UNHCR sounds alert as fresh violence in DR Congo's Ituri province displaces thousands
This is a summary of what was said by UNHCR spokesperson Babar Baloch – to whom quoted text may be attributed – at today's press briefing at the Palais des Nations in Geneva.
UNHCR, the UN Refugee Agency, is gravely concerned about escalating violence in Ituri province of north-eastern Democratic Republic of the Congo (DRC), creating new displacement over the last four days.
At least 30 people are reported to have been killed amid conflict between the Hema and Lendu ethnic groups. Many villages have been burned to the ground in Ituri’s Djugu territory, according to initial information by UNHCR monitors in the affected areas. Fighting among the two communities had previously devastated the region from 1999 to the early 2000s, leading to large scale internal displacement and refugee movements to Uganda.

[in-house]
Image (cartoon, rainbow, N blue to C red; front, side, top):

Now, UNHCR offices on both sides of the border are once more on high alert. Initial reports put the number of internally displaced in the thousands. Refugee arrivals in Uganda also picked up significantly on Monday, with 1,386 people crossing Lake Albert to the village of Sebagoro, some 270 kilometres northwest of the capital Kampala.
We fear the fighting could spread to neighboring areas, particularly because of the circulation of light weapons in the region. Meanwhile, as physical access in certain communities remains limited, the displaced populations are without any assistance, despite their urgent needs for food and other basic relief items. Greater efforts to ensure security and humanitarian access in the area are vital.
In total, some 5 million people have been displaced by conflicts in DR Congo, 4.35 million of them internally and an additional 674,879 as refugees - including into Burundi last week.
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